March 17, 2012

Happy St. Patrick's Day

In the 5th century, a teenage boy of Romano-British origin was kidnapped and brought to Ireland as a slave. He escaped roughly six years later but returned to Ireland as an ordained Bishop. St. Patrick is credited for spreading Christianity to his pagan captors. The clover, or shamrock, was a sacred plant that symbolized the rebirth of spring. St. Patrick famously used the clover to explain the trinity (Father, Son, and Holy Spirit). He died on March 17, 461 and his life story grew to mythological proportions and is ingrained in Irish culture. He is the patron saint of Ireland and is celebrated in both the secular and non-secular worlds....

Sophia Gilmer

St. Patrick’s Day has been fĂȘted since the 9th century but the first parade took place, not in Ireland, but in the United States on March 17, 1762 when Irish soldiers marched through New York City. When the Great Potato Famine hit Ireland in 1845, close to 1 million poor and uneducated Irish Catholics began pouring into America to escape starvation. Unfortunately, they were met with discrimination, despised for their non-Protestant religious beliefs and foreign accents. It did not take long for Irish Americans to realize that their large and ever growing numbers could be used as political power. Their vote and sphere of influence became known as the "green machine” and annual St. Patrick's Day parades became a show of strength for Irish Americans. Today, people of all backgrounds celebrate St. Patrick's Day, not only in Ireland and the United States, but also in Canada, Australia, Japan, Singapore, and the former Soviet Union. [more]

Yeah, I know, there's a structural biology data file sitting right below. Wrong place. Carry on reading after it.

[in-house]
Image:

Fun Facts
  • There are 34.7 million U.S. residents with Irish ancestry, which is more than seven times the population of Ireland itself.
  • St. Patrick’s voluntary return to Ireland brings up the subject of forgiveness. We can’t all be saints, so in order to forgive; many of us require an apology but there’s something we can do other than holding our breath.

In many instances, a quick and relatively painless apology is transformative and effective means of resolving conflict. It’s pretty straightforward: the offender offers an apology and the offended accepts, but not every apology is accepted. Dorothy J. Della Noce, citing Seiji Takaku (2001) suggests, “A conflict is not resolved when an apology is offered, but when the offended party accepts that apology” and requires empathy. “Empathy must be experienced by, and communicated by, both parties to the conflict, not simply one or the other. In other words, to be effective in resolving conflict, apology and forgiveness are best viewed as interactive processes, not simply one-sided speech events.”

When an offense is made, people tend to blame the behavior or action on the offender’s “bad” character. Takaku’s experiments show that an offended party was more likely to accept an apology, and forgive; when the offended reflects on his or her own “imperfect nature” (p. 506) and empathizes with the offender. It requires empathy to recognize the possibility that the offender may be a fundamentally decent human being who made a poor choice in a difficult situation. If the offended recognizes that he or she may have committed a similar offense and how difficult it was/is to acknowledge fault and to take responsibility for it, the offended is more likely to see the offense as a matter of poor choice and accept the apology, and offer forgiveness.

In this way, we can work towards forgiveness.

Best of luck!

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